Texas City plumber files lawsuit after ISIS was seen using his old truck


In 2013, a Texas plumber’s old 2005 Ford F-250 was seen being used by ISIS fighters in Syria. Despite having sold the truck, it still had the plumber’s business decal and business phone number.

Last week, Mark Oberholtzer, the former owner of the truck filed a lawsuit against the dealership he sold the car to.

According to the Houston Chronicle, a photo of the truck being driven by an Islamic extremist with another extremist firing a gun from the back of the truck was shared on Twitter and other social media sites.

The picture was also featured on the final episode of the Colbert Report, which was viewed by 2.5 million people.

The photo of the Islamic extremists using Oberholtzer’s old truck led to Oberholtzer receiving death threats. According to his lawyers, Oberholtzer now carries a gun protect himself, his family, and his workers.

“By the end of the day, Mark-1’s office, Mark-1’s business phone, and Mark’s personal cell phone had received over 1,000 phone calls from around the nation,” said a lawsuit filed in Harris County, Texas by his attorneys.

“These phone calls were in large part harassing and contained countless threats of violence, property harm, injury and even death. These phone calls included, but were not limited to, individuals who were: (a) irate and yelling expletives at whomever answered the phone; (b) degrading to whomever answered the phone regarding their stupidity; (c) singing in Arabic for the duration of the phone call or voice message recording; (d) making threats of injury or death against Mark-1’s employees, family, children, and grandchildren in violent, lurid and grossly specific terms; and, (e) directing expletive-laced death threats to whomever answered the phone.”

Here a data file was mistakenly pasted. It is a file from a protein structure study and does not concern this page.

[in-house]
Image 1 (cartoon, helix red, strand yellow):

Oberholtzer said the photo ruined his life and business, and he is seeking more than $1 million from the company that he sold the truck, AutoNation Ford Gulf Freeway in Houston.

According to Oberholtzer, he took the truck to the Houston dealership in October 2013 to trade for a new car. At the dealership, Oberholtzer tried to remove the decal but was told not to because it would ruin the truck’s paint.

Oberholtzer was told that the dealership would take care of the removal of the decal and believed they did until he saw the photo of the extremists using the car.

The truck was sold at an auto auction in Dallas on November 11, 2013. The car was then shipped to Turkey on Dec. 28, 2013, and later ended up in Syria.

Attempts to reach the dealership for comments were unsuccessful.

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